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Scary Pigs and Phantom Planes: Audio Warfare Through the Ages
Episode 15823rd November 2022 • Audio Branding • Jodi Krangle
00:00:00 00:05:50

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During my last episode about sonic tactics, I talked about the different audio strategies that animals have developed for hunting prey and escaping predators, whether they're orcas using tail slaps to stun schools of fish or moths evading a bat's sonar with their clicks. As it turns out, some of those strategies are surprisingly similar to the sound tactics we've been using on the battlefield for centuries. This week I'll be delving deeper into how those same sonic strategies have played an important role throughout the history of war, from ancient Roman war pigs to inflatable army tanks.

Since animals already rely so much on sound to survive, it may be no surprise that one of the first uses of sound as a battle plan was to try and scare off the other side’s animals. Perhaps the most fearsome mount ever faced in antiquity was the war elephant: they were the tanks of the ancient world, massive and nearly unstoppable during a charge. But elephants are skittish, and it didn’t take long for their enemies to stumble upon a sound that would send even the bravest pachyderm running: the squeal of a pig. “War pigs,” as they came to be called, were sent stampeding among the approaching war elephants to make them panic and trample their own riders. To counter this gambit, elephant trainers began to raise pigs alongside their war elephants so they’d grow accustomed to the sound.

The idea of using sound to evoke fear among the enemy isn't limited to animals. One of the most distinctive sounds on the battlefields of ancient Japan is the kabura-ya (kah-burr-ah-yah) arrow, which literally translates as "turnip arrow." They're often called whistling arrows because, thanks to their hollow, turnip-shaped heads, that's just what they did. The sound of a kabura-ya flying through the air was believed to dispel evil influences, and they were used as signals to announce each army's arrival on a battlefield. While their use by samurai started to fade after the twelfth century, such arrows were also used by bandits to signal their approach all the way through the twentieth century.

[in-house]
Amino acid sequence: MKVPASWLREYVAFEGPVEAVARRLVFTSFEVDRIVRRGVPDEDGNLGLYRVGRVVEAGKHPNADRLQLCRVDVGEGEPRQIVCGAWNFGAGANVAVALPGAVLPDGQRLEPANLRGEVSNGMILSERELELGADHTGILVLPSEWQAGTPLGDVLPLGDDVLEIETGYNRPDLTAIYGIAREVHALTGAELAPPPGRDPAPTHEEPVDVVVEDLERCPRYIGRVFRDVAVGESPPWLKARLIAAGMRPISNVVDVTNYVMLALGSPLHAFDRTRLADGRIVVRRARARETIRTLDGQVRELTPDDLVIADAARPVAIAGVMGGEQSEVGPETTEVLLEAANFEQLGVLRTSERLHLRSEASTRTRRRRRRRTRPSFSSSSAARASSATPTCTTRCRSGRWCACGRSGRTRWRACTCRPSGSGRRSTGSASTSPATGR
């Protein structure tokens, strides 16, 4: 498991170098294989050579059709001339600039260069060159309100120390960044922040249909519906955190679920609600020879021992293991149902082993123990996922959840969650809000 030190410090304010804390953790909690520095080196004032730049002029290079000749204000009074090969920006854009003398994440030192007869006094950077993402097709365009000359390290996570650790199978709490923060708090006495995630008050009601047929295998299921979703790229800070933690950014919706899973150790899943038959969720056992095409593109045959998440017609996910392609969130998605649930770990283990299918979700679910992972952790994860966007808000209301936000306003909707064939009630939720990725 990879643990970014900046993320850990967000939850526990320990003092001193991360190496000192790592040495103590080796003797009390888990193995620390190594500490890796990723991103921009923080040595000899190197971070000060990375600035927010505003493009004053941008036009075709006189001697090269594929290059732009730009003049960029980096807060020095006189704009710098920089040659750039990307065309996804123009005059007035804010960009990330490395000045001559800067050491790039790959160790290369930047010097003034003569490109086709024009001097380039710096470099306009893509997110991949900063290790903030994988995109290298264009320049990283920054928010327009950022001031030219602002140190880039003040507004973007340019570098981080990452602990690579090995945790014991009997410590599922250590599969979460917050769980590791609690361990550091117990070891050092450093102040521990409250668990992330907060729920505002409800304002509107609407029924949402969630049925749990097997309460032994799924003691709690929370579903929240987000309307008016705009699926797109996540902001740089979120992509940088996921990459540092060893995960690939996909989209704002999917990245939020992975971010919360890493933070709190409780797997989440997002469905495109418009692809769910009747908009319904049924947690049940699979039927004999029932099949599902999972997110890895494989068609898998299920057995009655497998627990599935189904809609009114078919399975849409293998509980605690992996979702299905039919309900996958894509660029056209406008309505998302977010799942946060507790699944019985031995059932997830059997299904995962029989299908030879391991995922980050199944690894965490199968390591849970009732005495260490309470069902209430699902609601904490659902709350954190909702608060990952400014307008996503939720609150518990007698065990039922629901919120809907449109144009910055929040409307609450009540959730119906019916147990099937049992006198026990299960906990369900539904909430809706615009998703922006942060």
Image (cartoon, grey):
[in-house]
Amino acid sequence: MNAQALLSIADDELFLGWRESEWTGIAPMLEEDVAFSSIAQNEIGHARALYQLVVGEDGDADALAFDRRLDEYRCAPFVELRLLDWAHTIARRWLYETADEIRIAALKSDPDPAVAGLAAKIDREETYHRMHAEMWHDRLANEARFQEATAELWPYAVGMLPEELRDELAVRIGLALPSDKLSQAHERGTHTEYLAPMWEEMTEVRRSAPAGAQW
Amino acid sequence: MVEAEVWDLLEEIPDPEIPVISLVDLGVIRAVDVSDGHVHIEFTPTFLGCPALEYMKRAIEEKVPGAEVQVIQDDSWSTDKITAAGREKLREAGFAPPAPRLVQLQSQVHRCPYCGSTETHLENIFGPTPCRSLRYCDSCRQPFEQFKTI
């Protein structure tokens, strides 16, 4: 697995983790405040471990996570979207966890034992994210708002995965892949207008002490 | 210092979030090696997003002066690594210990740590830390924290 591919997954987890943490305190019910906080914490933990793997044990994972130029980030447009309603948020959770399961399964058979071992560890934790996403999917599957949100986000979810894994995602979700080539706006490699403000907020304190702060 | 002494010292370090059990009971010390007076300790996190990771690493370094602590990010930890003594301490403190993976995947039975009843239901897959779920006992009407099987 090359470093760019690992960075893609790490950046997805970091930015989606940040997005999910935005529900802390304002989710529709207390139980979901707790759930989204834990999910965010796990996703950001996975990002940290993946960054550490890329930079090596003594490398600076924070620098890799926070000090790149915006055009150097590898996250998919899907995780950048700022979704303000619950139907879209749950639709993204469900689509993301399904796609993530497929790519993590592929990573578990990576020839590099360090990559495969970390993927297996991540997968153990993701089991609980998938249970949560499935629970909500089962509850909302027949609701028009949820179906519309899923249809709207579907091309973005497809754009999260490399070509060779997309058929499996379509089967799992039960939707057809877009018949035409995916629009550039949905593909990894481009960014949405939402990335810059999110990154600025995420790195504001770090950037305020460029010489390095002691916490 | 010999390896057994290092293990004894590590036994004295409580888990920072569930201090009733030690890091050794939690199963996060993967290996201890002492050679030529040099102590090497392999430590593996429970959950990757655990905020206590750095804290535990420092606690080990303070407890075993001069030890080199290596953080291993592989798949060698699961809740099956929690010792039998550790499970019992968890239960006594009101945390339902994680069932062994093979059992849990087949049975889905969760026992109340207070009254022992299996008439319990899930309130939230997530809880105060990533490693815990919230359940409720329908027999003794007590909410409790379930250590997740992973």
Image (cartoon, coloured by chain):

Want to hear what one sounds like? There’s a video link on my blog so you can listen and imagine that ghostly whistle just before a battle, or while walking alone in a forest:

While the sound of a kabura-ya arrow relayed honest, if unsettling, information about an approaching army or nearby bandits, wartime audio strategies often involved using sound to confuse the listeners. Just as some animals use sonic camouflage to disguise themselves, ancient armies learned to use sound to conceal their numbers and deceive their enemies. One of the oldest and most famous accounts of audio misdirection is the Biblical story of Gideon, who, around three thousand years ago, used horns, torches, and a scattered group of three hundred soldiers under the cover of darkness to trick an enemy camp into thinking they were under attack by a massive army and retreating.

That’s a strategy we’re still using today, even as we’ve replaced horns and torches with speakers and spotlights. During World War II, a top-secret group of American soldiers officially known as the 23rd Headquarters Special Troops arrived in Europe. They were nicknamed the “Ghost Army,” and their ranks included artists, architects, actors, and other creative professionals who could think on their feet. Their goal was to trick the German army into thinking their thousand-man unit was, in fact, an army of more than 30,000 soldiers, and draw their attention away from the Allies’ actual targets.

The Ghost Army did this by using inflatable prop tanks, trucks, and airplanes, by faking radio messages for the Germans to intercept, and through the use of sound in ways that never would've been possible before the twentieth century. They drove sound trucks equipped with massive amplifiers that could play and mix separate sound effect recordings to give any impression they liked, from marching troops to rumbling convoys. Anyone within fifteen miles could hear them, and they would assume they were hearing thousands of soldiers, not a handful of men with a loudspeaker. The Ghost Army's existence remained a secret until 1996, and just this past February its members were awarded the Congressional Gold Medal for their "unique and highly distinguished service."

If you’d like to see more, including a firsthand look at the Ghost Army’s sound trucks and inflatable tanks, check out my blog for a link to a short video by CNN’s Great Big Story:

Sonic deception has proven vital when it comes to conflict, whether it’s animals surviving in the wild or human beings using sound tactics to turn the tide of a battle. And as audio technology becomes more and more sophisticated, its importance is only growing. In the third and last episode about acoustic stratagems, we'll take a look at the future of warfare, from sound cannons to directed audio, and whether Havana syndrome might mark the start of a new age of sonic weaponry.

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